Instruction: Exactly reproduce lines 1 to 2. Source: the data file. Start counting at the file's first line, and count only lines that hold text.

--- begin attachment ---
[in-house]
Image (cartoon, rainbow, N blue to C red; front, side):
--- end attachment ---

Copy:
[in-house]
Image (cartoon, rainbow, N blue to C red; front, side):